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Pot grower serving 20 years seeks clemency from Obama

Joseph Tigano III is spending 20 years in prison for growing marijuana.

He grew a lot of it. No one disputes that. And this was his second felony conviction. So no one, not even Tigano’s lawyers, suggests the Cattaraugus County man should go unpunished.

But 20 years?

Even the federal judge who sentenced Tigano in 2015 thought it was too heavy a price to pay.

“It is much greater than necessary,” U.S. District Judge Elizabeth A. Wolford said at the time, “but I do not have a choice.”

A year later, Tigano, held behind bars since his arrest eight years ago, is seeking a second chance from someone who has given out more than 1,000 second chances: President Obama.

And the clock is ticking.

“I would do anything to have him back,” said Tigano’s 80-year-old father, Joseph. “I just miss him so much.”

With only five days left in Obama’s term, the elder Tigano is hoping the president will add his son’s name to the growing list of people granted clemency during his eight years in office.

His son filed his appeal in November but has yet to hear from the White House.

“He needs a second chance,” said Joseph Sr. “I’m anxious. He’s my kid. I just wish he was home.”

The younger Tigano, in many ways, is the human face behind the campaign to reform the nation’s drug laws, a campaign based on the belief that too many non-violent drug offenders are in prison.

For the lawyers fighting to free Tigano, he’s a poster child for reform - a non-violent offender with no ties to organized crime or street gangs.

Even more important, perhaps, is Tigano’s mental health - he was the subject of three separate competency hearings - and what his former defense lawyer called a “multitude” of mental health problems.

“This case keeps me up at night,” said Andrew Gladstein, the Manhattan lawyer handling Tigano’s clemency appeal. “We’re all on pins and needles.”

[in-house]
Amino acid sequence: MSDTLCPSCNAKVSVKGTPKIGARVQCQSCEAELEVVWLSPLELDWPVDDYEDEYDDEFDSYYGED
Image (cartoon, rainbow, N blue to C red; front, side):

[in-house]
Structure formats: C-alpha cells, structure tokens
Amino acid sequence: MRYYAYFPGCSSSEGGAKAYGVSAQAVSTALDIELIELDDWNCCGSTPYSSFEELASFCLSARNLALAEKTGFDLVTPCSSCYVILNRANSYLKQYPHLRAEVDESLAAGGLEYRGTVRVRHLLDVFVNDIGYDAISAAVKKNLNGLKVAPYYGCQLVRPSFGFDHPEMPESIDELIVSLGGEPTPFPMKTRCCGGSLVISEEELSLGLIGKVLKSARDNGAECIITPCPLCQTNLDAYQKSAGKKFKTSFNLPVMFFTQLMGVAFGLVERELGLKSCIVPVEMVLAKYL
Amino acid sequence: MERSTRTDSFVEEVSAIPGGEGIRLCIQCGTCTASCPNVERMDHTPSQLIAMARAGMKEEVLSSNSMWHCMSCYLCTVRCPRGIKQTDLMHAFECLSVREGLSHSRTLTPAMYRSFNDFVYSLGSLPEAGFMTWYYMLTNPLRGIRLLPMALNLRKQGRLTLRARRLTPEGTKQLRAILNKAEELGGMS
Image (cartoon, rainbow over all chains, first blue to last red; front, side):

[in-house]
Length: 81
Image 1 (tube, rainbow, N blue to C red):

At last count, Obama had commuted the sentences of 1,176 men and women, and most of them were like Tigano, serving long prison terms for non-violent drug crimes.

Convicted of operating a marijuana farm with 1,000 plants, Tigano received a mandatory minimum sentence of 20 years in prison, a penalty even Wolford called excessive.

“It was a travesty,” said Peter Pietroricca, one of Tigano’s cousins and one of the people who wrote a letter of support to Obama.

At the time of Tigano’s sentencing, Wolford made it clear she considered 20 years heavy-handed, but pointed to the mandatory minimum that the prosecution sought and the law required.

Speaking from the bench, she said she would have preferred sentencing Tigano to less time in prison and suggested at one point his single firearms conviction was more worrisome than any of his four drug convictions.

“There’s clearly a need for you to be punished,” she told him. “But I do not believe you present a danger to the community, by any means.”

Tigano’s clemency appeal comes at a time when members of Congress, Democrats and Republicans, weigh recommended reforms to mandatory minimum drug penalties.

Years in the making, the push for reform comes from lawyers and judges who think too many nonviolent drug offenders are going to prison, and for far too long. They also point to statistics showing half of the federal prison population is serving time for drug crimes.

“Joe is one of the kindest, gentlest people I’ve ever come across,” said Gladstein, whose firm, Schulte Roth & Zabel, is representing Tigano pro bono. “This is not a man who, by any calculation, deserves to be in prison for two decades.”